Florida Atlantic is a 3-point underdog against Arizona State in the Boca Raton Bowl, with implied win odds of around 42%. Picking the Owls is risky, as they are more likely to lose than win. However, it’s an upset with a legitimate shot of occurring, and only around 25% of bowl pick’em entries nationwide were taking Florida Atlantic at post time. So you could gain ground on the vast majority of your opponents by taking this moderate but calculated risk. We refer to picks like these as “value gambles.”
It will rarely make sense to make a lot of value gamble picks (the second category above) unless you’re either in a huge bowl pool or your scoring system gives big point bonuses for upsets. Still, from a risk vs. reward standpoint, value favorites and value gambles represent your best opportunities to differentiate your bowl pool entry from the your opponents in the most intelligent way.
It’s also critical to stress that all bowl upset picks are not created equal. With few exceptions, one of the worst things you can do in a college bowl pick’em pool is to make a trendy upset pick.
Consider the following two teams:
If you want to take a gamble on one of the two teams above, you’d be crazy to pick Boise State. Both teams are 3.5-point underdogs in the betting markets, and therefore equally risky picks according to one of the most trustworthy metrics. But if Iowa State wins, you will gain ground on around 85% of your opponents. If Boise State wins, you won’t even gain ground on half of your pool.
Now comes the toughest and most complex part of getting an edge over your bowl pool opponents. If you’re in a typical bowl pool, you need to figure out the exact combination of 40 or 41 picks that you should make, and potentially add a confidence point ranking to each pick as well.
What’s so difficult about this process is understanding the strategy implications of the various characteristics of your specific pool. Factors like the total number of entries of your pool, its format (e.g. game winner or spread), its scoring system (confidence points or not, upset bonuses or not, etc.), and its prize structure all play a role in determining the specific combination of picks and confidence point rankings that will give you the best chance to win a prize.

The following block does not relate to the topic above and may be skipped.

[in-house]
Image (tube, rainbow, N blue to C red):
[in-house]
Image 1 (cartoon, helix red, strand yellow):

We’ve built technology to evaluate all these factors, since the computation involved in getting to the right answer is beyond the scope of back-of-the-envelope math or spreadsheets.
However, here are a few high level guidelines if you’re more of a do-it-yourselfer:
If you’re in a smaller pool (say less than 50 entries), you should focus your picks on favorites and be very selective about taking additional risks. As boring as it sounds, picking a bunch of upsets is often the kiss of death in small bowl pools. Unskilled opponents in small pools tend to shoot themselves in the foot by getting too cute and making picks that are far too aggressive for this pool size. That means you can often get a solid edge simply by staying conservative.
Sure, some upsets are going to happen that you will miss. But with around 40 games to pick, the cumulative risk/reward strategy of staying extra conservative often pays off. It may still be worth considering highly underrated teams if they are only the slightest of underdogs, or perhaps making one calculated bet on one hugely underrated moderate underdog — just don’t go overboard.